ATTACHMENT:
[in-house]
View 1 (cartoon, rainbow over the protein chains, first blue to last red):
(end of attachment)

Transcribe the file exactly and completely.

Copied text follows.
[in-house]
View 1 (cartoon, rainbow over the protein chains, first blue to last red):